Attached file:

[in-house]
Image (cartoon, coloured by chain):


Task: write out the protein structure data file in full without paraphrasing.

[in-house]
Image (cartoon, coloured by chain):